Source: AMI, The State of Innovation in Latin America
1. Internal Support For Innovation
AMI's study shows that Latin American countries are trying to include innovation in their culture. As disruptive start-ups take the stage, even traditional companies are modifying their paradigm to embrace the new standard, and though company verticals and markets vary, the report suggests that digital native companies and financial institutions rank higher for internal culture of innovation, while traditional brick-and-mortar merchants are struggling to change their core processes.
Some of the indicators of strong internal support for innovation have to do with the presence of an innovation department, an innovation lab, the number of available APIs, the percentage of open APIs as well as the APIs that were launched in the last year, and the number of partnerships with other fintechs or start-ups.
The most innovative companies have created explicit teams and spaces dedicated to promoting innovation, they have embraced the use of APIs and have partnered with as many as 15 different start-ups.
As stated in the report, the most innovative companies have not only incorporated innovation into the essence of their culture, but they have also shown an ability to quickly develop and deploy new features, products, and services. To decide which companies are doing it better, AMI analyzed three things: the number of proofs of concept developed in the past three years, the percentage of proofs that have been launched successfully, and the time elapsed between ideation and deployment.
The survey results show that the most innovative entities developed almost three times the number of payments-related proofs of concept (POCs) compared to the regional average. Among the most innovative, an average of 65% of these went live, compared to 55% of the average overall. And the time-to-market was also speedier—an average of 4.9 months compared to the regional average of 6.5. Among the quickest of executors is Rappi, which reports that proofs of concept are launched on a monthly basis; recent launches include Rappi Prime, RappiPay (a co-branded Visa credit card), QR codes and the nonstop onboarding of partner merchants.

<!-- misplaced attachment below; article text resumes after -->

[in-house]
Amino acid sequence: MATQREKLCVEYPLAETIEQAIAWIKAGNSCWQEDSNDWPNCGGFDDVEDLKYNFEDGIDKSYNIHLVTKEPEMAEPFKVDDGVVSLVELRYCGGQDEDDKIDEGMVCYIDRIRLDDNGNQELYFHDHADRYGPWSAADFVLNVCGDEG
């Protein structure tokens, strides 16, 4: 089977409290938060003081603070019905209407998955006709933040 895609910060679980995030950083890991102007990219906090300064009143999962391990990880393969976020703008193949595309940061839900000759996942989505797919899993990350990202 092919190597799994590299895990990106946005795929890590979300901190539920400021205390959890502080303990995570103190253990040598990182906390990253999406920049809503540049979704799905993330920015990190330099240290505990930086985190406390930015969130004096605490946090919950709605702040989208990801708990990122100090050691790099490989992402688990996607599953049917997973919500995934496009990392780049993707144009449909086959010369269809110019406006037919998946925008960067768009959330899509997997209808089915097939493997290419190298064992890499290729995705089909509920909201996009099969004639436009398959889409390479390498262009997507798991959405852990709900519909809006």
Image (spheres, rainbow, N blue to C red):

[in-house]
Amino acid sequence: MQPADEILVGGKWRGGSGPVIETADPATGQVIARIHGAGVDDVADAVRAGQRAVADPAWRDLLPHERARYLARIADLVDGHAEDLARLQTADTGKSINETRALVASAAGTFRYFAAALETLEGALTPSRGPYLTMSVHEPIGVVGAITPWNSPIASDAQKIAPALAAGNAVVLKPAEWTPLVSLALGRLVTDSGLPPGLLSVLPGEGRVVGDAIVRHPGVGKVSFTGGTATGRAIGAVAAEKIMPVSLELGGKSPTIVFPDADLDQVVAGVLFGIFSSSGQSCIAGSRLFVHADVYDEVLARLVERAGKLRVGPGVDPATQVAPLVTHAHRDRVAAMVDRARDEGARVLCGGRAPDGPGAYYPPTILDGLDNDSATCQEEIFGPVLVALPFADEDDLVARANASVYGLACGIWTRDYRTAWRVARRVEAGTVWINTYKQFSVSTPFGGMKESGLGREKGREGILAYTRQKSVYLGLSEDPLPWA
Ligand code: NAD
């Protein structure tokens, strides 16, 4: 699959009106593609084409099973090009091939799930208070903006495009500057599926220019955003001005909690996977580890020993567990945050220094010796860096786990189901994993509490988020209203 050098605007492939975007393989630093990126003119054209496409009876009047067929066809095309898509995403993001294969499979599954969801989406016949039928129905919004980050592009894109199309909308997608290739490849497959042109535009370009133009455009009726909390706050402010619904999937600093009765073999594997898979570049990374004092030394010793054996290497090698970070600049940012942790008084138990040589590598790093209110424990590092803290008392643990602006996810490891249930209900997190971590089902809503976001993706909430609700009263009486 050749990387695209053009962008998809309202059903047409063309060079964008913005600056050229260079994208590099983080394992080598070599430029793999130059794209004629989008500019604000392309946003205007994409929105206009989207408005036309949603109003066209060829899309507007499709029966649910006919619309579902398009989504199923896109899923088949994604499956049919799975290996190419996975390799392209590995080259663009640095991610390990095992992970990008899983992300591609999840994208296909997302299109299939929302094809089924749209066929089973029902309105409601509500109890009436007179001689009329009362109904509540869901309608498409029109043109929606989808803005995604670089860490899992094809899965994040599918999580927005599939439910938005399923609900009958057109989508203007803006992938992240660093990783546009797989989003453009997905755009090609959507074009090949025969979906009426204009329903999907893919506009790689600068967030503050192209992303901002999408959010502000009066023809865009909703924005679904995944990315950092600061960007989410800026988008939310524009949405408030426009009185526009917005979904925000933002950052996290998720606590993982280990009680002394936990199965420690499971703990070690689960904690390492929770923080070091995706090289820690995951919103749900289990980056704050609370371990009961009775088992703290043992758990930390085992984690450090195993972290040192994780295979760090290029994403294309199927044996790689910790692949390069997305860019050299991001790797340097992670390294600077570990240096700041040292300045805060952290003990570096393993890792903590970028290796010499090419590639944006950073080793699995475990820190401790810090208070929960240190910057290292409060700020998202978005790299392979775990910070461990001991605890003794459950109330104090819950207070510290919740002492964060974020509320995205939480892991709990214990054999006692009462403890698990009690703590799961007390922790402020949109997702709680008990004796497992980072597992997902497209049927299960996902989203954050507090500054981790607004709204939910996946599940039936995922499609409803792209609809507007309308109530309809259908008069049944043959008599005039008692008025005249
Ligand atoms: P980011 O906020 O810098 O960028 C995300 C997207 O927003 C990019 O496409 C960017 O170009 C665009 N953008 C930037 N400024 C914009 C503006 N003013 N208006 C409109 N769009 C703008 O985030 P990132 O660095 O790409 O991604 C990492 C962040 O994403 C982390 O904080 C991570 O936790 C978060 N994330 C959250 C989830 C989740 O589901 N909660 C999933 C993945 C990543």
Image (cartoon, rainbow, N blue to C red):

Source: AMI, The State of Innovation in Latin America
3. New Technology
In order to understand innovation through the use of technology, AMI assessed how well and to what an extent Latin American companies have adopted new technologies in their industries, such as artificial intelligence, machine learning, blockchain, chatbots, digital wallets, biometrics, and tokenization.
According to the report, four out of five of the surveys most innovative companies use AI and machine learning, while 53% of all survey respondents do the same. Digital-based merchants such as Despegar.com, Cabify, Viajes Éxito, and Netshoes make about 80% of their sales online, while brick-and-mortar stores reported only 7% of their sales were made on digital channels. Moreover, 32% of respondents do not have a mobile app, while 26% of e-commerce merchants sales are made over a mobile device.
Survey results reveal that at the highest level, financial institutions adoption of new technologies is largely experimental. While they lead the region in the usage of data analytics, artificial intelligence, machine learning, chatbots and blockchain, most are in exploratory phases.
4. Current Footprint and Potential Impact
The final "pillar of innovation" in the study has to do with companies' ability to adapt and scale. "Our most innovative Read More – Source